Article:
Grabbing A Rosé Easy On The Wallet
Maybe you’ve seen the $5 rosés and thought something must be wrong with them. Or, it’s a trap.
But it is rosé, so how bad can it possibly be?
Don’t worry, I’ve tried them for you, and they are, for the most part, enjoyable while being easy on the wallet.
When you see a bargain-basement wine like that, rather than assume there’s something wrong with it, you need to ask why it is that price. Wine-producing nations such as Portugal and Spain, for example, have a soft economy and have to push massive amounts of wine into the global market.
Rosé has become such a phenomenally successful wine category that producers have had to introduce or expand their rosé lineup, in some cases without a ready market to buy them up.
Rosés also age like whites; that is to say, the majority don’t age well at all. So vintages from three or more years ago may be fine but also have a greater chance of being in decline. Retailers will want to discount those and clear those out. But they also may be very good. Avoid any with an orange tint, a sign of oxidation.
All this translates to great deals — and, with rosé, not much risk. The expectation for rosé is incredibly reasonable. The wine needs to be a pale salmon color or pink to light reddish, have flavor and have some acids, especially acids to balance the potential touch of sweetness.
A Spanish deal, Val De Los Frailes Rosado, shows strawberry character with a somewhat candied, rich texture. It could use some more acids, but at $4, that is literally $1 per glass. If you are planning a summer party, this may be a case you’ll want, if it has not sold out by then. 1/2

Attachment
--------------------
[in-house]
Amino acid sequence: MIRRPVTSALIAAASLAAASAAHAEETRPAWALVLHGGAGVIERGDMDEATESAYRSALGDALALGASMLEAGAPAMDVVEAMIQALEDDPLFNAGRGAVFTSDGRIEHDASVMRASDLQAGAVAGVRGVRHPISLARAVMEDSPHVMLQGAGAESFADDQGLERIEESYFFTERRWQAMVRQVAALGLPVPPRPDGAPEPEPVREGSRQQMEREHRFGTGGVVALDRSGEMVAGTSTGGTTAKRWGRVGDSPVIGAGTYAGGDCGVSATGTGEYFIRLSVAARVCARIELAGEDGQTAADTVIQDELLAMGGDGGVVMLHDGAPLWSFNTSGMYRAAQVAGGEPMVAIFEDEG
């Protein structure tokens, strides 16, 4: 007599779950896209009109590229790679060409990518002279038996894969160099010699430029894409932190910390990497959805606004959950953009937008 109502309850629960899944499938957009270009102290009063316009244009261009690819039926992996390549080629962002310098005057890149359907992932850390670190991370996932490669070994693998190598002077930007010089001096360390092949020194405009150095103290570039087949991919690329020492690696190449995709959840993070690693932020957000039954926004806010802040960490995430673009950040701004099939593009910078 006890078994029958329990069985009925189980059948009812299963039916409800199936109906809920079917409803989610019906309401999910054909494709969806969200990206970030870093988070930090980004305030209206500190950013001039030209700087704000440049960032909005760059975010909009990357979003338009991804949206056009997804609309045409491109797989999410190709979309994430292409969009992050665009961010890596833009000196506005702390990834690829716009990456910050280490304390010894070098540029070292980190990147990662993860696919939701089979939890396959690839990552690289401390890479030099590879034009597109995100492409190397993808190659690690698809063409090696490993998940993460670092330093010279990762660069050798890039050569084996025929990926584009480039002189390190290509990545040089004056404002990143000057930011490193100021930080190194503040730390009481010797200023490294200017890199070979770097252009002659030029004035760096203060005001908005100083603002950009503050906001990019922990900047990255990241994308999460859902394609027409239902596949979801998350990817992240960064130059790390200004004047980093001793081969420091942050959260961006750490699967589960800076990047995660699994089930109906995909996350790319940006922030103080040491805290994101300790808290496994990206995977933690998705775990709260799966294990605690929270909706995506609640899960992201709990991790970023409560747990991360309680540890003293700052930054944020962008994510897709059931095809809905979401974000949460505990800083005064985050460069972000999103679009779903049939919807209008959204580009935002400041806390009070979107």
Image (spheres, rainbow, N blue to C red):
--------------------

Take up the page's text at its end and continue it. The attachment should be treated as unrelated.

They aren’t all screaming deals. From Spain we find Actum 2016 Valencia Rosé, with a slight orange candy flavor but flatness on the finish and just a trace of acids, making this wine sound but boring and barely worth it. $6.50.
Also from the Iberian Peninsula comes a Vinho Verde rosé. The region of Vinho Verde most often is associated with low-alcohol, fizzy white wines, but it also makes reds and rosés. The rosés are very fun, and the fizziness (most often from carbonation), gives it an added dimension. Arca Nova 2017 Vinho Verde Rosé shows character of fresh raspberry and strawberry with some lime plus nice acids and fizz to finish it off. The low, low alcohol content — just a touch over 10% — makes this and other Vinho Verdes great summer session wines. It gets a mention because Pennsylvania has some 2016s at $4.50, and it often goes on sale for a few dollars less. This vintage, more widely available, costs $9.
Get ready, because canned wine is the next huge wine trend. This wine comes in a 375 ml can, the same type of can in which you’d find a Pepsi or Budweiser. Barnard Griffin C’est Le Vin Rosé Washington State is bright and fresh, with smells of fresh strawberries and flavors of strawberries and Pixy Stix, but it is not cloyingly sweet. While it appears to be non-vintage, I found a “born on” stamp on the bottom of “2/18/19.” $6. 1/2
Most retailers have expanded the rosé sections, and this is the time of year to dive into them.
GRADE: Exceptional , Above average , Good , Below average , Poor . DAVID FALCHEK, executive director of the American Wine Society, reviews wines each week.